Imagine the Mekong River as it winds through Laos, Cambodia and Vietnam to the South China Sea. A unique riverscape with houses on stilts, fishermen tossing nets, gilded temples and rhythmic music with each paddle stroke. I hear Tina Turner wailing, “Rollin’ on the river ….” Every dream begins with a romantic vision that ultimately must face reality.
A more appropriate tune would be “roasting on the river,” as we were met with 95-plus-degree days, portable but slow inflatable kayaks, smoke-filled skies from rice farmers burning their paddies, and, yes, our aging bodies.
As the 75-year-old “Paddle Pilgrim,” I had paddled the Fjords of Norway and the Mississippi River, Erie Canal and Hudson River to the Statue of Liberty, and I was confident that the team I had recruited was capable. Deby Cassill, 75, is a world-renowned field biologist; David Gehrke, 74, is a retired criminal defense attorney and frequent pilgrim on the Camino del Santiago; and Lutheran pastor Tom Glasoe, a youngster at 48, is a Vietnamese American returning to his home country.
Whether one is paddling a river or navigating a life journey, midcourse corrections are crucial, and the Mekong Paddle Adventure was no exception. As we shared our stories and pictures with friends back home, a change in perspective began taking place. One friend noticed we weren’t paddling as much as expected and commented, “Looks like you are stopping to smell the roses.”
We were filled with gratitude for the river, the people and the cultures we had experienced on our Mekong River adventure.
Rivers can become teachers, and the Mekong was telling us to slow down. In addition to the twists and turns and rapids, the Mother of Waters was pointing us to the people on her shores, to their unique cultures, their challenges and their welcoming hospitality. Because the lotus is the symbol of Southeast Asian culture and is frequently seen along our journey, we decided to “linger with the lotus.”
As we paddled in Southern Laos toward the Khone Falls, the largest waterfall by width (9 miles) in the world, we snaked our way through the land of 4,000 islands. Our paddle was both beautiful and treacherous, and we were delighted late one afternoon to see a large structure on the river’s edge. It was the Pon Arena Hotel. After our time camping on sandbars, a shower sounded wonderful. The hotel was beyond our imagination, with a swimming pool, dining room and river-view rooms at $30 a night, including breakfast.
Visits with “river angels”
Pon, the hotel owner, was our first “river angel.” Business was slow because the economy was still recovering from COVID, but he took us under his wing and became our host and friend. One highlight was his guiding us to the falls, where we captured spectacular drone images of the cascading cataracts bathed in mist. On the way he made a special stop to show us a construction site being developed by China as a tourist “city” with hotels, restaurants and golf course. This was our first encounter with a major challenge facing this region: significant investments by China in dams, infrastructure and tourism. This was our initial taste of “neocolonialism.”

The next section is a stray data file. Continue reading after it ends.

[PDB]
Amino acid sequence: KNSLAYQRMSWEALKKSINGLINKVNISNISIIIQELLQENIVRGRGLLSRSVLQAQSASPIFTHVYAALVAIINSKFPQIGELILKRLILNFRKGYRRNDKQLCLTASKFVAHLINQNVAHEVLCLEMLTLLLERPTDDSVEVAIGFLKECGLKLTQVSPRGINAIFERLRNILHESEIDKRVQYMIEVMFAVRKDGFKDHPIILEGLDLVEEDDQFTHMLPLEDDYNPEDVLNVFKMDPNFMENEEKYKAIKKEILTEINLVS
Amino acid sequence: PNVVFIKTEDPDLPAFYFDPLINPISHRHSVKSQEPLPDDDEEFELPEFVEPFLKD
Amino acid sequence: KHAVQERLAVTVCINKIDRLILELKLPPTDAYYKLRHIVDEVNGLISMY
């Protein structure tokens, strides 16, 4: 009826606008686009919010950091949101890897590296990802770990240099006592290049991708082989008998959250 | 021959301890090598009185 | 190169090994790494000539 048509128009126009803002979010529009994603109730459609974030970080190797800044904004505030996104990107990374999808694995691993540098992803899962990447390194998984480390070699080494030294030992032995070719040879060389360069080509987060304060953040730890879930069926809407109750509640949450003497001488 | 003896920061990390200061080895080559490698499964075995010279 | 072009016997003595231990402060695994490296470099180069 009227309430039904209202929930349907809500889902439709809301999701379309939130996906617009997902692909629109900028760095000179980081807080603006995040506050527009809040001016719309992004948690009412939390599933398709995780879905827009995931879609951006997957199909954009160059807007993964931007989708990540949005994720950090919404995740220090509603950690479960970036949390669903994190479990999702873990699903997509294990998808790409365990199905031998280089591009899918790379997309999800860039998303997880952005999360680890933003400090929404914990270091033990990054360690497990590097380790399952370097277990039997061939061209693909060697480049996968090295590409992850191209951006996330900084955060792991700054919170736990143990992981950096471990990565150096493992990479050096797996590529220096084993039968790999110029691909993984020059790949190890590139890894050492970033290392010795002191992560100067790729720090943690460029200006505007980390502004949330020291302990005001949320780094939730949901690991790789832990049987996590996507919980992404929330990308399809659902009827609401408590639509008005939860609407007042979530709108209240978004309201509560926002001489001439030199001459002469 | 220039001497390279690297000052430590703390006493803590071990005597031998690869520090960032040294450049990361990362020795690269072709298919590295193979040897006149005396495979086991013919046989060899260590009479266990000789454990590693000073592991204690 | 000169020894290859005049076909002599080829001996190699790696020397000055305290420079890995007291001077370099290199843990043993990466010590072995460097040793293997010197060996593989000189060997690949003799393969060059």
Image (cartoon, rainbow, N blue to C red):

Our next “river angel” was Phillip Baker, an expatriate American and Lutheran pastor, who has lived in Cambodia for many years doing a different kind of development work. Here’s his description: “In 1979, the Lutheran World Federation established a [nongovernmental organization] in Phnom Penh, at the time called Lutheran World Federation–Cambodia, now called Life With Dignity. Almost 50 years later, you are still here. You are here through the continuing presence of the Life With Dignity project with foci on sustainable livelihood, clean water, sanitation and latrines, and teaching of hygiene.”
Life With Dignity is supported by the ELCA and helps the country heal and recover from the trauma of the Khmer Rouge genocide that killed 2 million people and is portrayed in the film The Killing Fields. Each evening Baker helped us process our experience and see hope amid struggles.
Our final angels were a “host” led by Nguyen Minh Quang, a professor at Can Tho University in Vietnam. Through the Mekong Environmental Forum, Quang researches the effects of climate change in the Mekong Delta and develops strategies for creating sustainable agriculture, fisheries, enhancing the role of women, rural health and ecotourism. We were back on the water again as we toured pilot programs with floriculture projects raising crabs, shrimp, fish and bees, and cottage industries with local crafts that included weaving silk.
Our journey ended with a visit in Cambodia to Angkor Wat, a magnificent temple at the center of the Khmer Empire, which ruled this region from the ninth to the 15th centuries. Lingering with the lotus, we were filled with gratitude for the river, the people and the cultures we had experienced on our Mekong River adventure.